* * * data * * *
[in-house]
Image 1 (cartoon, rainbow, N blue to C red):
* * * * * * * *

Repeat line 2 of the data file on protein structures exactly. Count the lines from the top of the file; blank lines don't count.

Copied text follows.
Image 1 (cartoon, rainbow, N blue to C red):